disappearing. The music ceased and the maiden
vanished as suddenly as she had come.
Betushka looked around. There
was her spindle -- only half filled with thread.
Sadly she put it into her bag and drove the goats
from the wood. She did not sing while going down the
road this time, but reproached herself for forgetting
her duty. She resolved that she would not do this
again. When she reached home she was so quiet that
her mother asked if she were ill.
"No, Mother, I am not
ill." But she did not tell her mother about the
lovely maiden. She hid the half-filled spindle,
promising herself to work twice as hard tomorrow to
make up for today.
Early the next morning Betushka
again drove the goats to pasture, singing merrily as
usual. She entered the wood and began her spinning,
intending to do twice her usual amount.
At noon Betushka picked a few
strawberries, but she did not dance. To her goats she
said, "Today, I dare not dance. Why don't you
dance, my little goats?"
"Come and dance with
me," called a voice. It was the beautiful
But this time Betushka was
afraid, and she was also ashamed. She asked the
maiden to leave her alone. "Before sunset, I
must finish my spinning," she said.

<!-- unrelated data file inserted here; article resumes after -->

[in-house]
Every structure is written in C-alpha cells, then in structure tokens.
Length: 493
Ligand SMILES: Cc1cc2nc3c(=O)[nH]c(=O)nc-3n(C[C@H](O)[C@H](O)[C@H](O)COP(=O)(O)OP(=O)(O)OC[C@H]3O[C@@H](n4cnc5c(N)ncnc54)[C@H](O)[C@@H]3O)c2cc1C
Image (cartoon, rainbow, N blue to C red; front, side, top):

The maiden answered, "If
you will dance with me, someone will help you finish
your spinning." With the birds singing
beautifully as before, Betushka could not resist. She
and the maiden began to dance, and again they danced
Now when Betushka looked at her
nearly empty spindle, she burst into tears. But the
maiden unwound the flax from Betushka's head, twined
it around a slender birch tree, seized the spindle,
and began to spin. The spindle hummed over the ground
and grew thick with thread. By the time the sun had
dropped from sight, all the flax was spun. As the
maiden handed the full spindle to Betushka, she said,
"Wind it and grumble not. Remember, wind it and
grumble not." Then, suddenly, she disappeared.
Betushka, happy now, drove the
goats home, singing as she went, and gave her mother
the full spindle. Betushka's mother, however, was not
pleased with what Betushka had failed to do the day
before and asked her about it. Betushka told her that
she had danced, but she kept the maiden a secret.
The next day Betushka went still
earlier to the birch wood. The goats grazed while she
sang and spun, until at noon the beautiful maiden
appeared and again seized Betushka by the waist to
dance. While the birds sang for them, the two danced